Residential down 14.3% year to date, down 1.5% in September.
Its frightening how quickly they are falling.
Best case scenario for 2012 is half that but more likely be -10%
Great analysis by NWL here: namawinelake.wordpress.com/2011/ … partments/
Apartments in Dublin are now down 59.2% from peak.
Nationally we are down 44.2% from peak.
The biggest surprise is the large percentage movements month on month. If we are getting near a bottom, which we clearly are not, one would expect that the monthly movements would be for lower percentages.
It is uncanny how accurate Morgan Kelly actually was…
Or maybe the market is ‘aware’ of Morgans predictions and following suit…
Yes. It is Morgan’s fault. The damn cribber.
His prediction was for an overshoot to an 80% fall…so, just over half way there! Nationally maybe, but certainly not for houses in parts of Dublin.
He talked down the economy.
Not an overshoot of 80% IIRC, I think it was 60% with “up to 80% in areas”?
House prices in Dublin are 49% lower than at their highest level in early 2007 (fell by 1.7% in the month of September and 15.3% lower compared to a year earlier)
Apartments in Dublin are now 59% lower than they were in February 2007 (fell by 4.8% in the month of September)
Residential property prices in Dublin are 52% lower than at their highest level in February 2007 (fell by 2.1% in September)
The fall in the price of residential properties in the Rest of Ireland is somewhat lower at 40% (a fall of 1% in September and 14.3% in the year to September)
Overall, the national index is 44% lower than its highest level in 2007 (fell by 1.5% in September)
The index is 44% but on the ground figures are much lower. In places, properties are selling at a 70% discount on the peak 2007 levels.
60-70% decreases, 75% and higher for trophy homes
Even sherry fitz admit this, so why are we still referring to 50% fails???
with so little sales outside the major urban areas its hard to calculate accurately for rural areas
As long as Priory Hall is still in the news I would say that the market for apartments will be even worse than it has been over last couple of years. If one or two more Priory Halls are discovered then there will be no market for years to come for apartments built over the last 10 years.
irserver.ucd.ie/dspace/bitstream … ap_001.pdf
Can be worth re-reading sometimes.
In real terms means inflation adjusted.
So if your starting point is 2007, and say inflation (CPI) is 4% for annum for the next five years (2007, 2008, 2009, 2010, 2011)…then if house prices have hypothetically moved 0% over those 5 years, then in real terms they have fallen by 22%.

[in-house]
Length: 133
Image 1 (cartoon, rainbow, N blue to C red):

if house prices drop 60% in those five years, and cpi is up 22% in those five years…then in real terms…not quite sure how its calculated but the drop is more than 60%…
Sherry Fitzgerald are hardly neutral commentators. For the last couple of years most of the estate agents have been spinning the same story, which is that the big price falls have already happened. That sellers need to reduce their prices if they are to have any chance of selling. And that buyers can buy now, secure in the knowledge that the big falls have already happened. You can read this sort of spin every week in the property supplements of the newspapers, and some of the estate agents even produce their own index to back up their story that the big price falls have already happened. I don’t know too much about their index, but a nice thing about it is that it gives us the answer that both we and the estate agents want: there have already been big price falls.
The reason that we’re still talking about 50% falls is that every month the CSO looks at the prices of property that sold in that month, and every month they come back with the wrong answer. The answer they come back with is that average house prices have fallen by a lot less than 60%-70%. Nobody in the CSO is suggests that the prices of some houses have not fallen by 75% or more. And nobody in the CSO suggests that house prices in particular areas haven’t fallen by 60%-70%. But what they do say is that when you actually look at the real numbers and take an average across the country, you come up with a figure more like 43%. And if you look at average falls in house prices across the whole of Dublin, you come up with a number of around 50% rather than 60% to 70%. This is all within the limitation of a sample that covers many, but not all, property transactions, and which at any time is a few months out of date.
Obviously it is heresy on the 'pin to suggest that the CSO index is anything other than fundamentally flawed. It is an article of faith among many on the 'pin that it drastically underestimates the true price falls, and I certainly respect that position.
But I suppose the reason that we’re still talking about 50% price falls is that the CSO keeps coming back, month after month, with more or less the same wrong answer. At some stage a few crazy people are going to start wondering whether the CSO haven’t actually got it right.
HICP is probably a better measure to use than CPI in terms of real prices. In terms of house prices, I think wage inflation shows a stronger correlation between the two than broader price inflation.
Dublin apartments down over 10% in past two months. A long winter ahead.